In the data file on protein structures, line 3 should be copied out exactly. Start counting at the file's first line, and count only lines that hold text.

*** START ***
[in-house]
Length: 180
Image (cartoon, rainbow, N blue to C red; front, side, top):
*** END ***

Image (cartoon, rainbow, N blue to C red; front, side, top):